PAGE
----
The following steps outline how to construct a model of these sun blocker discs for our signal. However, these discs are optional as I have seen others construct similar signals without them and they look fine. Adding the sun blocker discs seems to just enhance the realistic look of the signal, so I do recommend adding them.

These steps also assume you have access to a table saw. There are countless other ways to cut circles and many are well described on the Internet. Other tools such as a jigsaw may also be used. It is up to you to choose the method you are most comfortable with. For this guide I chose to use a table saw.

Preparing the Sun Blocker Discs

Cut two pieces of 13″ x 13″ 3/16″ tempered hardboard stock; this will be Part-D and you will need two of them.

Use the two 13″ x 13″ squares of 3/16″ tempered hardboard to make the circles which surround the signal lamp housing.

Actual exact size doesn’t matter as long as you can find the center of the piece. It should be slightly larger than what you expect the final size to be.

The diameter of these circles will be cut to approximately 12″ each.

The center circle cut-out is 6-3/4″ diameter.

Find the center of each board by drawing lines and marking where they intersect. Drill a 3/16″ clearance hole for a #8-1″ screw which will serve as a pivot point for the boards being cut.

Refer to the PDF file included with these instructions (rrxing_signs_and_mounts.pdf) for guidance on the dimensions.

Prepare a Circle Cutting Table Saw Jig

Construct a simple table saw sled and find the point which is 6″ from the cutting edge of the blade and far enough from the miter fence to allow free rotation of the board around the center hole.

This will be about 9-1/2″ from the miter edge.

Drill a 3/32″ pilot hole for a #8 screw at this point.

The next step includes steps on how to use this sled if you decided to use this approach. Obviously other circle cutting techniques could be used as well.

Cut Outside Radius of Sun Blocker Discs

Place one of the square boards over the pilot hole in the sled and screw it so that the board loosely spins about the point freely. The square board should be snug against the sled, but not too tight to prevent your hand from rotating it as it is cut.

Begin by cutting the 4 corners and following with the other 8 corners, then 16, 32, etc. rotating the board until a perfect circle remains.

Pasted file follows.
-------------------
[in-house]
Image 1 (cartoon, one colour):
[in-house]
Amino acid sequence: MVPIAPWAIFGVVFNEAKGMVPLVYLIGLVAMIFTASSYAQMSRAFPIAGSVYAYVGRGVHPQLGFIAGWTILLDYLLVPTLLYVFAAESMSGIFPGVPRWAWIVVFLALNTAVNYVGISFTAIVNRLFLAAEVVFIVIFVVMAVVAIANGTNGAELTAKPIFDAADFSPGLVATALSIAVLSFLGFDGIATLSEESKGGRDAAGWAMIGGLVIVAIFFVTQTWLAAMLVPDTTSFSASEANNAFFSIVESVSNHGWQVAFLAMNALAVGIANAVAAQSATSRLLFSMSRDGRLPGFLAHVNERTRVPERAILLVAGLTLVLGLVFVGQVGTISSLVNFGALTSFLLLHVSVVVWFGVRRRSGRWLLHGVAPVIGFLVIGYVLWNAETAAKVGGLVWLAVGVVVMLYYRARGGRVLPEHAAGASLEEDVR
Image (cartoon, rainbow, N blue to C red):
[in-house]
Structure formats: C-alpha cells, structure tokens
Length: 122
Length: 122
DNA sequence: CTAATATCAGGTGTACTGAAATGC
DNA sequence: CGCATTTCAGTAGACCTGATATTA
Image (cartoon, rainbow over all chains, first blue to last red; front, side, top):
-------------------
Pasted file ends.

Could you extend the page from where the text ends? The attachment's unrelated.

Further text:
This is very difficult to completely explain in a step-by-step guide. So for this step I refer you to an excellent video which shows exactly how this technique works.

Please refer to this link from Master craftsman George Berry, “The Woodguy” who shows how to quickly and easily cut a circle on a table saw.

Cut the Center Radius of the Sun Blocker Discs

With two 12″ diameter circles cut, now you need to cut the center portion out.

The center should be approximately 6-3/4″ diameter.

Using the circle template (see attached PDF file rrxing_circle_guide.pdf) provided align the 4″ wall thimble right side up to place it evenly about the center of the circle.

Using an awl, mark the spots for the 3 mounting holes. These will also be used to secure the outside circle to the base while routing out the center hole.

Drill a 1/16″ hole for each of the three mounting screws.

Secure the disc to a base, workbench or scrap piece of plywood by using small finish nails.

This will hold the disc in place while routing the inner circle cutout. Rout the 6-3/4″ diameter hole in the center of the discs. Repeat for the other disc as well.

This step describes cutting the inner radius with a router. However other tools and techniques could be used as well (e.g. a jigsaw, large circle cutter, hole saw, etc.)

Drill and Mount Sun Blocker Discs

With the two discs now cut, finish drilling the pilot holes in the three 1/16″ mounting holes you drilled earlier used by the finish nails.

Now drill these to about 3/16″ to accommodate a #8 machine screw.